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Fraud in Business: Are These Fraudsters Operating in Your Workplace?

Posted September 22, 2016 by Lynn Brown

business fraud prevention

Recent research has shown that a new type of fraudster called a ‘fake user’ is having a field day in the workplace.  

The fake user is committing registration fraud, which is one of many types of fraud in business today.

A typical organization loses 5% of revenues a year to fraud. According to the 2016 ACFE Report to the Nations on Occupational Fraud and Abuse, the total loss caused by fraud cases in a recent study was over $6.3 billion with an average loss per case of $2.7 million.

Here’s a closer look at 5 common fraudsters... as well as strategies in business fraud prevention to help stop them and others:

Fake users: User growth in an organization has become a key indicator of financial growth - but registration fraud by fake users has also started to increase. A report by Ponemon pointed out that fake user accounts are notorious vehicles for abuses such as spam, identity theft and account takeover. The research showed 82% of companies face some issues with fake users in their systems.  

‘Concealers’: In 95% of cases in the ACFE study, perpetrators took steps to conceal a fraud. Creating fraudulent physical documents was the most common method. These fraudsters also altered physical documents and transactions.

Payment Fraudsters: Payment fraud is any fraud that falsely creates or diverts payments. According to the Association for Financial Professionals, nearly 75% of American businesses were targeted for payment fraud last year.

‘Fake’ Employees: Security experts have issued warnings about professional fraudsters who seek out organizations with weak fraud controls in order to apply for work – and commit fraud.

High-Level Employees:  Higher-level employees generally have greater access to an organization’s assets and may be able to override controls, according to an earlier ACFE fraud report. When an owner/executive committed the fraud, the median loss was $703,000 – more than four times higher than managers ($173,000) and nearly 11 times higher than employees ($65,000).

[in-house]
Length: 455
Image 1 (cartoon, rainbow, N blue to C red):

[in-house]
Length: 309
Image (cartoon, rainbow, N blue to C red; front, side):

How can an organization stay vigilant about fraud protection in the workplace?

  • Provide an anonymous fraud hotlineHotlines provided the most common detection method (39.1%) in the 2016 ACFE study. Set up telephone, email, and web-based communication for tips.  
  • Train employees. The importance of training has been identified in many major industry reports. Teach employees how to recognize fraud; also, communicate what is expected in workplace ethics and behavior.
  • Do surprise audits. Regularly examine financial statements and anti-fraud controls, but use the element of surprise. When it comes to business fraud protection, surprise audits helped reduce duration of schemes and overall losses, said ACFE.
  • Keep track. Utilize data analytics and monitoring in order to track patterns and identify fraudulent behavior in the workplace. 
  • Have a comprehensive document management policy. A process for identifying, labeling and securely storing confidential information is critical. Access to confidential data should be controlled.
  • Provide secure destruction of confidential information. Partner with a professional information destruction company that has a secure chain of custody for paper and hard drive destruction services.

A Clean Desk Policy is another fraud reduction strategy that cleans up employee work areas – to remove opportunity from fraudsters.

Let Shred-it help keep your workplace secure.

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